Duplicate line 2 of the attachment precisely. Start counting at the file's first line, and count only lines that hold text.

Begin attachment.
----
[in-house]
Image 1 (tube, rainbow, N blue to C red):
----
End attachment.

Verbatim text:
Image 1 (tube, rainbow, N blue to C red):